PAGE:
I created mandrivachronicles almost a year after I first encountered Linux. The idea was to record my experiences with the OS and to use them as reference material. After all, I migrated to Linux on my own: no Linux fan persuaded me to start using this great OS, nor I had used it before. I had no technical knowledge (I was a long time Windows user). To be blunt, before migrating, all I knew about Linux was that it was an operating system other than Windows and that it used a penguin as a mascot.
However, after having used Linux daily for a year on my netbook, I decided that it was time to install it to my main desktop computer and to say good-bye to Windows. And so this blog was born.
I never expected my entries to be read by many people and I really did not consider that my experiences could help others. It was great to see other people also enjoyed reading about my humble steps into Linux land.
I have also discovered that:
- Through this blog, I met people who inspired me with their tales of courage, knowledge, talents, and efforts. And it was painful when some of them passed away (R.I.P. Eugeni Dodonov, Mandriva) or got sick (Texstar, PCLinuxOS).
- Linux interest, despite FUD, is on the rise. You can take a look at the numbers in Distrowatch. When I migrated to Linux in 2009, it took Ubuntu 2249 visits to be the first distro ranked. Today, the 3rd position has 189 visits more than that. Back in 2009, the last distro had 73 hits. Today, the 100th position is counted with three digits and has almost two times that number of visits.
- It's OK to use the OS that you like, but you must embrace your choice and live with it. I know that some people get annoyed when they overhear me speaking of free software; it's more annoying for me when they come to me to complain about the poor performance of their Windows computers or want me to fix them.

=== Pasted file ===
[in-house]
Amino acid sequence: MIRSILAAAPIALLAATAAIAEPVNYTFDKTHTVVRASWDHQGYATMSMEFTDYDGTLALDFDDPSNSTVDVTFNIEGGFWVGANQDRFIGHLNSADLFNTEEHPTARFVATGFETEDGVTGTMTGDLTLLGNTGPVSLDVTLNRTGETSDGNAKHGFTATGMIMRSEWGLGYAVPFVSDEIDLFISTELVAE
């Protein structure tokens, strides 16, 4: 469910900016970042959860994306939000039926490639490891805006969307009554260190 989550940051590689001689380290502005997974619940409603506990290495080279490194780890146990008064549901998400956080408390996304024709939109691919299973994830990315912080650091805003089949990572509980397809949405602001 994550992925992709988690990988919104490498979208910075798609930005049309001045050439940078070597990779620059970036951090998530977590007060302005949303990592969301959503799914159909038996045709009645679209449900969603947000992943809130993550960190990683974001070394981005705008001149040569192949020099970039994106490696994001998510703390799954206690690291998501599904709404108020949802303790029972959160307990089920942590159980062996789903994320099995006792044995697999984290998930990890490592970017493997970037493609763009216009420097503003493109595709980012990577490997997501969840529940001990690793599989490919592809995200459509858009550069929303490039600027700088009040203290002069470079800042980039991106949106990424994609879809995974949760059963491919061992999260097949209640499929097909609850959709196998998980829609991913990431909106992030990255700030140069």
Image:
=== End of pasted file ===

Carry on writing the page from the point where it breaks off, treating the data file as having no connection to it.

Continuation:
- The fate of Linux distros (even those who are relatively strong) is uncertain. When I migrated to Linux, I chose Mandriva, which was #6 back in 2009. Today, that distro is #46. Ubuntu and Gnome had their own bumps. Sadly, Fuduntu disappeared this year.
- Linux is addictive. I started using Windows and Mandriva. Then, it was only Mandriva. Today, I regularly use Mandriva, Mageia, PCLinuxOS, Mepis, AntiX and, occasionally, Pardus.
- For non-technical computer users, it is perfectly possible to abandon Windows and MS Office; it only takes an open mind. I personally know five people who have done it without any problem. Besides, most smartphone users have already done so, but they haven't realized it.
I did notice one thing. Since I abandoned Windows, the frustration associated to using my computers has vanished. The only reminder I've got of that once-too-familiar feeling is the multiple complaints I hear from my colleagues at the office, as they try to work on a non-Linux desktop computer.